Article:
Building a Better Storage System
- a look at how we went about creating our own storage system, the materials used, and the method of construction.
First things first - the general concept
Although the detailed technical aspects of a new design are very important, the first thing to look at is - what type of product should it be? If you're designing a new car, it's no use starting with the tread patterns of the tires. First you need to decide on the general concept. Sedan? Sports car? Convertible? 2 or 4-door? What function are you trying to fulfill?
Since easy access and a preference for not having to fold the protected garment are important practical considerations, as well as easy storage in a normal household, we concluded that a simple bag arrangement would be the starting point of our design. It should be large enough to hold a garment unfolded - even a very full wedding gown. It should be very light in weight so as to drape very lightly over the garment. It is very important that the bag should breathe but it must also protect its contents from harmful airborne particles. So it would need to be made of a breathing material with a very tight weave. To avoid any possibility of damage from insects, the bag should be constructed of a material that is of no interest to bugs as food.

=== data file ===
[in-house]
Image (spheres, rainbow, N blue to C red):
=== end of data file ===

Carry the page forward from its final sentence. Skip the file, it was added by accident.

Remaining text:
The material we chose is a strong, very light weight fabric with an unusually compact, unspun weave. The weave is so tight (9000 fibers to the inch - see photo), it can block particles down to just a few microns (millionths of a metre). This is smaller than most bacteria! (In fact this type of fabric is used to filter the air in hospital operating rooms.) It is a polyamide - essentially a form of nylon - so bugs won't eat it. To block as much light as possible, we chose a dark color. The fabric is technically "water vapor permeable." This means moisture can pass through in the form of individual water molecules (i.e. water vapor) allowing the fabric to breathe, while running water is blocked due to surface tension.
We chose a TeflonTM-coated version of the fabric. This has three advantages:
To ensure easy and immediate access, we put a zipper in the bag. However, using a conventional zipper would negate the point of all the filtration from the fabric. It would be like having a leaky sieve in the bag. The teeth would also be a hazard to the gown when inserting, removing or closing the bag.
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